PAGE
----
As an old hockey fan from the 70s, I will be watching this one.
NBC Sports Films’ first project, “Center of Attention: The Unreal Life of Derek Sanderson,” a one-hour documentary that chronicles the remarkable life of former NHL star and two-time Stanley Cup Champion Derek Sanderson. Center of Attention will premiere Monday night on NBCSN, following Game 3 of the Stanley Cup Final between the Tampa Bay Lightning and Chicago Blackhawks.
Narrated by Boston native, Primetime Emmy Award-nominee and star of Mad Men John Slattery, Center of Attention followsSanderson’s journey from humble beginnings, to becoming the highest paid athlete of his time, only to eventually end up homeless, broke and addicted to drugs and alcohol. Through interviews with former teammates, coaches, friends, rivals, andSanderson himself, viewers get an inside look into his eccentric and reckless life that ultimately features a fourth act fitting of a Hollywood screenplay, as Sanderson is able to get clean and become a respected financial adviser for top athletes.
In his book Crossing The Line, Sanderson said of his life: “In the span of an extraordinary life, I made the National Hockey League, won two Stanley Cup championships, became a trendsetter, gained celebrity status, became a millionaire, descended into addiction, was homeless, almost died, asked for salvation, kicked booze, drugs and cigarettes, climbed back from the wreckage, met an amazing woman who gave us two great sons, taught kids about the evils of addiction, was a broadcaster and now advise athletes about their finances. That’s a lot to pack into one life!”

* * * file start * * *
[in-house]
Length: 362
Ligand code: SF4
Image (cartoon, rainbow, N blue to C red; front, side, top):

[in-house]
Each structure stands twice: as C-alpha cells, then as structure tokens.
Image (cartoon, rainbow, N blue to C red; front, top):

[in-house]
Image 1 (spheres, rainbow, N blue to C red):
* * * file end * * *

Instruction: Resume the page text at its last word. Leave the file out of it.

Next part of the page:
Center of Attention features interviews with eight members of the Hockey Hall of Fame, including Sanderson’s teammates Bobby Orr, Phil Esposito, Rod Gilbert, Gerry Cheevers Brad Park, Bernie Parent and coaches Harry Sinden and Emile Francis.
In the glory days of his playing career, Sanderson was a national sensation. He won the Calder Trophy, as the NHL’s top rookie in 1967-68, and was a two-time Stanley Cup champion before his 26th birthday. Off the ice, the man known as “Turk” was an iconoclast who went into the nightclub business with Joe Namath, was regularly seen with beautiful women, drove around town in a Rolls Royce, and was quoted as saying his pregame meal was “a steak and a blonde.”
In 1972, Sanderson left the Bruins and the NHL to sign with the Philadelphia Blazers of the World Hockey Association. His $2.65 million contract made Sanderson the highest-paid professional athlete in the world at the time, but within months, poor play, a back injury and his lavish contract led the Blazers’ owners to buy out Sanderson’s deal for $1 million.
At age 27, after making it back to the NHL, Sanderson’s drinking increased and he developed an addiction to drugs.Sanderson ended up broke and homeless, at one point sleeping on a bench in New York City’s Central Park. By 1978, when he was 32, his hockey career was over.
In 1980, after more than a dozen trips to rehab, Sanderson was able to get clean and start a new life. He was hired by then Mayor of Boston Ray Flynn to serve as a drug and alcohol awareness speaker at Boston area schools, worked as a lead television analyst for the Boston Bruins, became a financial adviser, and started a sports group to help protect athletes from themselves and from those who could take advantage of them.